The Twitter account the Chinese Embassy in Colombo, known for its sardonic tone, was quick to respond. It said the MP’s understanding of the issue was wrong and incomplete.
“Sorry Mr. MP, your understanding is incorrect and incomplete. China is the biggest supporter to Sri Lanka in fighting COVID=19 and livelihood relief, including in your district Batticaloa. China is also the first responder to Sri Lanka”s financial crisis since its default in April.”
Sorry Mr. MP, your understanding is incorrect and incomplete.
China is the biggest supporter to Sri Lanka in fighting COVID19 & livelihood relief, including in your district Batticaloa.
China is also the first responder to LK's financial crisis since its default in April:
— Chinese Embassy in Sri Lanka (@ChinaEmbSL) November 30, 2022
“As a major shareholder of IMF, China has been encouraging IMF and other international financial institutes to promptly support Sri Lanka. China actively participated all the creditors’ meetings of Sri Lanka, and China is not the only or the largest creditor of the island,” the embassy said in a five-tweet long thread.
China also funded the Norochcholai coal plant, the best investment the country has made since Mahaweli projects of the 1980s, according to the Auditor General of Sri Lanka.
However, China gave several monetary instability loans to Sri Lanka from 1980s onward when forex shortages emerged from money printed under flexible inflation targeting, sometime called ‘bridging finance’ in Sri Lanka.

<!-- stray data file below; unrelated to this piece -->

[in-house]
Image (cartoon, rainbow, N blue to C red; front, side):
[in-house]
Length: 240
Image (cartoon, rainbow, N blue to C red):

Such loans are were not tied to growth creating reforms unlike budget support loans given by the World Bank and the Asian Development Bank (ADB).
India also gave credit lines to Sri Lanka in 2022 as forex shortages emerged. Analysts say India has stepped up its lending to countries in the South Asian region, in a bid to counter Chinese influence.
The Modi government is now funding a 500 million dollar, 7km bridge linking Malé, the capital of the Maldives, to a number of islands in the archipelago, four years after Chinese engineers built a 2km bridge from Malé to the airport.
India has lent over 32 billion dollars to foreign governments in lines of credit since Modi came to power in 2014, and “development” assistance has doubled to 107 billion dollars from 55 billion dollars in 2014, according to the Financial Times.
Indian companies have also expanded in South Asia over the recent years.
Analysts, however, say that India has a long way to go to catch up with China.
Meanwhile, a Johns Hopkins University research authored by Sri Lanka’s Umesh Moramudali and Thilina Panduwawala noted that Chinese lending at the end of 2021 came to 19.6% of public external debt, much higher than the often-quoted 10-15% figures.
During 2008-2021, the effective interest rate on overall Chinese lending averaged 3.2%, higher than average rates on Japanese,
World Bank, and ADB loans to Sri Lanka (0.9%-1.6%). But Chinese rates were significantly lower than Eurobonds which averaged